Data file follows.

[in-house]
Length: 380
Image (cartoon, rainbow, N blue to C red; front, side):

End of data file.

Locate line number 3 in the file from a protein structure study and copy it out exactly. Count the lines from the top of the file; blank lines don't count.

Image (cartoon, rainbow, N blue to C red; front, side):